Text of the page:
Jesus welcomed the people, taught them about the Kingdom of God and healed those in need. Luke 9:11
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I was there for a faceoff with God...to say to Him that I have tried but You were silent. Now I will die and it will be Your fault God. You ignored my cries....but God showed up and saved my life..... Read More...

Seeds of the Kingdom

We Are What We Eat

by Philip Asselin

In fact, though by this time you ought to be teachers, you need someone to teach you the elementary truths of God’s word all over again. You need milk, not solid food! Anyone who lives on milk, being still an infant, is not acquainted with the teaching about righteousness. But solid food is for the mature, who by constant use have trained themselves to distinguish good from evil.
Hebrews 5:12-16, NIV

I came across this just recently. A church attender wrote a letter to the editor of a newspaper stating that he had heard something like three thousand sermons, but he couldn’t remember any of them.

This started a real controversy in the ‘Letters to the Editor’ column. Much to the delight of the editor, it went on for weeks until someone wrote this excellent response: “I’ve been married for thirty years now. In that time my wife has cooked some 32,000 meals. I cannot recall the entire menu for a single one of those meals, but I do know this: They all nourished me and gave me the strength I needed to do my work. If my wife had not given me these meals, I would be physically dead today. Likewise, if I had not gone to church for nourishment, I would be spiritually dead today.”

This made me think about the difference between physical food and spiritual food. Both are needed to nourish us, but we could some have problems with physical food. We might choose to eat meals which look and taste nice but are not actually healthy. Or we could spend a lot of money on take-away food, because we are too lazy to cook, but it wouldn’t be good for us.

The same thing could apply to our spiritual food. We might prefer things which are quick and easy to digest, but avoid the stuff which challenges us, is good for our spirit, and makes us think for ourselves. When reading the Bible, we might avoid the more difficult and stretching books and seek the old familiar passages which are easy for us to understand. Then we might read it on autopilot, barely taking it in. Unlike physical food, we can live our lives without reading, praying or studying the Bible for days or weeks at a time, but it’s easy to become spiritually weak that way.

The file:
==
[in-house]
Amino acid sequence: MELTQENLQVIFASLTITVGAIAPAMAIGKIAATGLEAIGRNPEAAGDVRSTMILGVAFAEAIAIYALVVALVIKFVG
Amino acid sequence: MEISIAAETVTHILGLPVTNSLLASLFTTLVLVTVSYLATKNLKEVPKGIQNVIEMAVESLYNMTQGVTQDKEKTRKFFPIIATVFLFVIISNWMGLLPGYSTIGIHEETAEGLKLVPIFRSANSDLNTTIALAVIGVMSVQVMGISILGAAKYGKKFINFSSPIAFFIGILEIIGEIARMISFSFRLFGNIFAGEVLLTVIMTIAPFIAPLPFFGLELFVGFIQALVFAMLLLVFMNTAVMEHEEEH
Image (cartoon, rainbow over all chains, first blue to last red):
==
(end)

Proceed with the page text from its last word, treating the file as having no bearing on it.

Someone has said that we are what we eat. If that’s true, then does it mean we are what we take on board from sermons, the Bible and quiet times with God? Does it also mean that if we deny ourselves these times, we become spiritually weak? Let’s feast on Him each and every day and become strong in the Lord!

Prayer: Dear Lord, thank You for the wonder and power of Your Word and presence. Thank You for men and women of God that spend so much time preparing sermons to bless and challenge us. Let us wholeheartedly embrace them and feast upon them. You welcome us to come and eat so that we may become strong in the Lord and in His mighty power. Amen.

Philip Asselin Philip is on the associate ministry and teaching teams at Glyndley Manor. He, and his wife Gillian, attended the second Healing Retreat at Glyndley Manor in 1992, and were greatly helped. They have two grown-up children, a daughter living locally and a son in California. They have two young grandchildren and one step-granddaughter. Their desire is to see people set free to serve God.

 

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